The syntheses of Examples 1 and 3 were repeated in which an equivalent weight percent of ammonium sulfamate was substituted for the sulfamic acid catalyst. All other reaction conditions and techniques remained the same. Similar results and yields of poly[bis(phenoxy)phosphazene] were obtained.
Sulfamic acid has two functional groups, an acid and an amine. Identification of the catalytically active group was performed by testing different compounds which contained only one of the two groups.
The syntheses of Examples 1 and 3 were repeated in which an equivalent weight percent of toluenesulfonic acid and sulfobenzoic acid were each substituted for the sulfamic acid catalyst. All other reaction conditions and techniques remained the same. Unlike sulfamic acid, no degradation was observed with either the toluenesulfonic acid or sulfobenzoic acid used as a catalyst. Similar results and yields of poly[bis(phenoxy)phosphazene] were obtained. These results clearly suggest that the catalytic activity of sulfamic acid is due to the acid group, and not due to the amine group, which is available in the decomposition product of sulfamic acid.
Although the invention has been described in detail for the purposes of illustration, it is to be understood that such detail is solely for that purpose and that variations can be made therein by those skilled in the art without departing from the spirit and scope of the invention except as it may be limited by the claims.
|Cited Patent||Filing date||Publication date||Applicant||Title|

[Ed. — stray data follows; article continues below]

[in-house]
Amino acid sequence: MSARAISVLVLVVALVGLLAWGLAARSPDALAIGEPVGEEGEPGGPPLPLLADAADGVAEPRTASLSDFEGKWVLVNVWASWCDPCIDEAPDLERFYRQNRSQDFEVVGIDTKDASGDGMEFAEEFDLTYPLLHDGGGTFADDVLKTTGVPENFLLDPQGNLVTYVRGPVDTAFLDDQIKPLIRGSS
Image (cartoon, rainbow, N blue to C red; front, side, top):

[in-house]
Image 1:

|US4242316 *||Jun 29, 1979||Dec 30, 1980||Standard Oil Company (Indiana)||Sulfamic acid as a catalyst for the polymerization of chlorocyclophosphazenes|
|US4440921 *||Jun 21, 1982||Apr 3, 1984||Research Corporation||Coupling of polyorganophosphazenes to carboxylic acid|
|US4523009 *||Jul 31, 1984||Jun 11, 1985||Neilson Robert H||Polyphosphazene compounds and method of preparation|
|Citing Patent||Filing date||Publication date||Applicant||Title|
|US5487390 *||Jan 14, 1994||Jan 30, 1996||Massachusetts Institute Of Technology||Gas-filled polymeric microbubbles for ultrasound imaging|
|US5500161 *||Sep 21, 1993||Mar 19, 1996||Massachusetts Institute Of Technology And Virus Research Institute||Method for making hydrophobic polymeric microparticles|
|US5562099 *||Aug 18, 1994||Oct 8, 1996||Massachusetts Institute Of Technology||Polymeric microparticles containing agents for imaging|
|US5562909 *||Jul 12, 1993||Oct 8, 1996||Massachusetts Institute Of Technology||Phosphazene polyelectrolytes as immunoadjuvants|
|US5567612 *||Jul 27, 1993||Oct 22, 1996||Massachusetts Institute Of Technology||Genitourinary cell-matrix structure for implantation into a human and a method of making|
|US5709854 *||Apr 30, 1993||Jan 20, 1998||Massachusetts Institute Of Technology||Tissue formation by injecting a cell-polymeric solution that gels in vivo|
|US5716404 *||Dec 16, 1994||Feb 10, 1998||Massachusetts Institute Of Technology||Breast tissue engineering|